Currently classified as a low middle-income country, Morocco ranks 10th among 16 Arab states for ICT development, and is seeking to transition to a digitally literate information society in order to facilitate its economic growth and global competitiveness. While the absence of such a transformation precludes Morocco’s inclusion in the Economist Intelligence Unit’s Digital Economy rankings, the UN ICT Task Force report identifies Morocco as a high demand country for ICTs. The 85.82% penetration rate of mobile phone subscribers for 2010 indicates that Morocco’s population is becoming increasingly literate in terms of ICT technologies, as does the 60% growth in the number of Internet subscribers from 2005 to 2010. From these figures it reasonable to expect that data on Morocco’s digital economy will be available in the future.
A primary focus of Morocco’s national ICT policy is the harnessing of ICT as a means to improve business productivity. Since Morocco is already a leading destination for Francophone call centers, the government wants to capitalize on this and other areas in which Morocco has demonstrated strong potential for export. Open Society Foundations suggests that increasing offshoring and call centers in Morocco stands to add 0.3 percent annually to GDP growth from 2003 to 2018, reducing the international trade deficit by around 35 percent and create 100,000 new jobs. According to the World Bank, high-technology exports as a percentage of manufactured exports accounted for 8% of Morocco’s GDP in 2010, the most recent available data. After falling from its high of 11% in 2003, high-technology exports plunged to 6% in 2008 from 9% in 2007. This dramatic drop was likely due to the global financial crisis and consequent contraction of investment across the board. Since then, it has been increasing steadily, and will likely continue to add to Morocco’s economy in the future.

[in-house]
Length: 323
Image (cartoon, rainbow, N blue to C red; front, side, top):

The greatest challenge for Morocco is also an opportunity with significant growth potential. Morocco ranked 114th of 144 countries in the skills readiness sub-index of World Economic Forum’s Global Information Technology Report for 2013. Despite these inadequacies in the population’s ICT skills, education initiatives suggest promising developments on the horizon, and positive responses in ICT demand indicate a growing interest in these technologies that Morocco can harness to further industry growth. In order for Morocco to best improve its capacity for ICT it needs to address this disconnect between a high demand for ICT technologies and a low rate of ICT skills within the population and workforce.